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Discussion Starter #1
I just had my alignment done on stock suspension, .05 toe on all wheels. Car tracks straight when I hold the wheel perfectly straight. If I let go of the wheel it tracks straight for 20-30 feet or more but bumps in the road eventually cause it slowly drift right. I'm in Mass where roads are mostly bad unless they're new and even those become bad after a couple of winters. When it drifts to the right the steering wheel is sightly to the right, maybe 2-3 degrees. Is there a reason the car eventually eases to the right? Could it be the weight of the engine? I weigh 150lbs so I'm guessing the car is heavier on the passenger side.
 

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Discussion Starter #3
That probably explains it for roads but I notice it happens in parking lots too. I figured it would sometimes slowly drift left in that case but it always seems to eventually go right.

I'll have to get on the highway and see what it does in the left lane versus right lane.
 

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Not enough positive caster on the right side. It's the most common complaint. Has nothing to do with toe, just caster. You need more on the right or less on the left. There isn't a specific adjustment for it, but an alignment tech who knows WTF he (or she?) is doing can loosen the suspension bolts and pull/push all the slack in the correct direction.
 

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Discussion Starter #5
@FORZDA 2 That makes sense. I'm looking at my alignment sheet now it says I have 4.7 degrees on the left, 4.5 degrees on the right. Can .2 degrees have that much of an effect?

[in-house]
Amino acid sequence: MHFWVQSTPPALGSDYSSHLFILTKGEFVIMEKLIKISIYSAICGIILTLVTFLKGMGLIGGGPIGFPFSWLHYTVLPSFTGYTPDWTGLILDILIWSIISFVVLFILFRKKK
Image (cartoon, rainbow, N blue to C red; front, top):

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@FORZDA 2 That makes sense. I'm looking at my alignment sheet now it says I have 4.7 degrees on the left, 4.5 degrees on the right. Can .2 degrees have that much of an effect?
It would not surprise me, but there is literally nothing you can do to adjust the caster with stock setup. Your best bet is to get the powerflex A-arm bushings. With those I'm at 5.5*L / 5.3*R caster per my last alignment. Front end is is much more solid, and the torque steer is basically gone.
 

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@FORZDA 2 That makes sense. I'm looking at my alignment sheet now it says I have 4.7 degrees on the left, 4.5 degrees on the right. Can .2 degrees have that much of an effect?
Yes it can. Your pull to the right sounds mild, but persistent. As I said earlier, the bolts can be loosened and the right side pulled forward and the left side pushed back. It may require loosening the entire front subframe and it can be moved to correct the issue.
An alignment shop likely won’t spend the time to correct it on the basic alignment price. You will need to pay by the hour or do it yourself. Or you can spend the money to replace good parts if you want.
You need at least two or three tenths MORE on the right side to account for the road crown.
 

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Does it come that way from the factory so it naturally pulls you off the road if you're incapacitated? I remember my mom's car, no matter how many alignments it had, always drifted right.
 

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How are the tires on the car OP? I've had this issue on a car be due to a tire wearing funny ("coned") or slightly out of balance.
 

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Discussion Starter #10
@FORZDA 2 It seems like my best option is to just live with it for now. I could adjust it with my friend at his shop, but he doesn't have an alignment machine so who knows if we'd make it better or worse. I'll look into fixing it when I buy a better suspension setup. Thanks for the info.

@SenderPiggins I had not considered that but that does seem logical.

@BigFatFlip tires are newish PSS. Bought them last year they have a little over 1000 miles on them. They are all at 46 psi since I just had the alignment done earlier in the week. I plan on dropping them to 41f/38r
 
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